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Bush Urges Patience on Iraq, Speed in Lebanon


Shortly before that terror announcement, President Bush held a news conference today and it included this declaration.

President GEORGE W. BUSH: I'm a thoughtful guy. I listen to people. I'm open-minded. I'm all the things that you know I am.

INSKEEP: It was a quick aside on his way to a larger point, but the remark touches on a subject of some concern to the White House. NPR's Don Gonyea was at the briefing. What's the president been doing, Don?

DON GONYEA reporting:

Well, the president has been meeting with advisors, foreign policy advisors. He's been meeting with Republican leaders, and what they are really trying to do is get a handle on how to present what's going on in Iraq, what's going on in Lebanon, as part of a big picture to the American public to really justify where the administration has been - has been going in both cases.

INSKEEP: Now, the President made that remark on the way to saying that he's taking the advice of fellow Republicans, which leads to another story. What was the advice?

GONYEA: Well, the advice was that, in the case of the Connecticut Senate race, where Joe Lieberman, a Democrat but a backer of the president in the war, is running as an independent. The president said he is going to stay out of Connecticut. He won't be up there campaigning for Lieberman.

INSKEEP: And then there's Israel and Lebanon, another subject covered today. A reporter noted that Israel violated the cease-fire over the weekend after their more than a month-long war. And the reporter asked, why do you always give Israel a pass?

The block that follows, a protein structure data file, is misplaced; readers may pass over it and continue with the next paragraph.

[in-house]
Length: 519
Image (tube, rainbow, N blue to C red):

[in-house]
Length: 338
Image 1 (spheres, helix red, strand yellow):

GONYEA: Right. The president had also noted that it was, you know, Hezbollah rockets that have destroyed, you know, much of the infrastructure in northern Israel. He also talked about destruction in southern Lebanon but didn't mention that - that - Israeli rockets, and the Israeli bombings that have been responsible for that. So that's where the why give them a pass. But let's listen to the president's response on that.

President BUSH: The world must understand that now is the time to come together to address the root cause of the problem, and the problem is you have a state within a state, you had people launch attacks on a sovereign nation without the consent of the government.

GONYEA: And again, Steve, the president said that the international peacekeeping force needs to get in there. It needs to have a very robust mission.

INSKEEP: Don, thanks very much.

GONYEAH: My pleasure.

INSKEEP: That's NPR White House correspondent Don Gonyea speaking after President Bush gave a news conference this morning.

And the other story we're following this morning, terror suspects in London have been charged. Eleven of about two dozen original suspects have now been charged with a variety of crimes. And we'll bring you more on both stories as we learn more.

You're listening to MORNING EDITION from NPR News. Transcript provided by NPR, Copyright NPR.

Steve Inskeep is a host of NPR's Morning Edition, as well as NPR's morning news podcast Up First.
You're most likely to find NPR's Don Gonyea on the road, in some battleground state looking for voters to sit with him at the local lunch spot, the VFW or union hall, at a campaign rally, or at their kitchen tables to tell him what's on their minds. Through countless such conversations over the course of the year, he gets a ground-level view of American elections. Gonyea is NPR's National Political Correspondent, a position he has held since 2010. His reports can be heard on all NPR News programs and at NPR.org. To hear his sound-rich stories is akin to riding in the passenger seat of his rental car, traveling through Iowa or South Carolina or Michigan or wherever, right along with him.